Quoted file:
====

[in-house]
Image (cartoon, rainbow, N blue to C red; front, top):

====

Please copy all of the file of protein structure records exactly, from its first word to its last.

[in-house]
Image (cartoon, rainbow, N blue to C red; front, top):